Re: HTTP status code equivalents for file:// operations - compat with xhr

On Tue, 18 Aug 2009 06:22:49 -0400, timeless <> wrote:

> I'd rather we formally indicate that using file urls in
> XMLHttpRequests is not expected to work with an explanation that there
> are security concerns which prevent XMLHttpRequest safely exposing
> arbitrary file urls.

Saying in the spec that it's not expected to work sounds fine.

However, 3 out of the 4 main browsers support it. Behavior and security  
could be aligned and improved.

For example:

1. Don't allow access to file: files from a non-file: origin.

2. "file://localhost/" and "file:///" are equivalent. (Browsers convert to  
the one they support.)

3. file://bark/path and file://meow/path are different origins.

4. Accessing a non-file: origin resource from a file: origin can be  
allowed (like it is in Safari), at least as a non-default option.

5. Make file:///c:/ and file:///d:/ different origins if necessary, so  
access isn't allowed across drive boundaries. More specifically, only  
allow file:///c:/dir/test.html to access files in file:///c:/dir/ and  
sub-directories of file:///c:/dir/. I think Firefox does something like  

I'm not making light of security, but I believe it can be done.  Any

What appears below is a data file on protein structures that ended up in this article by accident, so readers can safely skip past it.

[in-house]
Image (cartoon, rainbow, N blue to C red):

additional rules that are agreed upon should improve file:// security in  
browsers, not make it worse.

> People who need access to local files should use a locally bound web
> server or if the content is something they control, JSON or an iframe.

I disagree with the 'should'. They can, and they'd *currently* be better  
off. But, I don't think it has to be that way.

> something like:
> In order for implementations to protect their users, XMLHttpRequest
> implementations MAY choose not to support file urls or MAY choose
> whatever error values they like.

That sounds good.

Say that file: security wasn't an issue and compat with xhr was desired.  
Do you consider the status code idea a good way to make file: work better  
with xhr, or does simulating status codes sound too complicated?



Received on Tuesday, 18 August 2009 17:31:38 UTC